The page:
Hummus or houmous is a staple of Middle Eastern diets. It’s a purée of cooked chickpeas, flavoured with tahini (a paste of roasted sesame seeds) plus olive oil, lemon juice and salt, and is classically served as a dip with hot flatbreads, but is equally good as a dip for raw vegetables.
Although very nutritious, it is rather high in calories so should be eaten in moderation by those watching their weight.
Read our guide and learn how to make hummus at home and whether to make or buy hummus.
Widely sold commercially, both plain and with many types of added flavourings. Easily made at home if you have a liquidiser or food processor.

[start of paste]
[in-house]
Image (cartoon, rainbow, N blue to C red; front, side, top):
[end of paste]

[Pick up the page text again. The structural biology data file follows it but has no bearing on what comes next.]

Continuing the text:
Choose the best
Fresh is best. Beware when ordering in restaurants, especially abroad. Hummus can cause food poisoning if it is kept too long and at too high an ambient temperature.
It’s best eaten as soon as possible after making it, or after opening any commercial container, and should then be refrigerated and stored for a maximum of just a few days. It smells and tastes acidic when it goes off.
You make it rather than cook with it, although it can make an interesting addition to a salad dressing or dabbed onto roasted vegetables, or even into a baked potato.
Serve in shallow plates, dribbled with olive oil and sprinkled with za’atar or sumac – or both.
Discover our hummus recipe collection for more inspiration.